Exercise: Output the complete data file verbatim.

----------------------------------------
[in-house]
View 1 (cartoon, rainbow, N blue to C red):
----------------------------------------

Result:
[in-house]
View 1 (cartoon, rainbow, N blue to C red):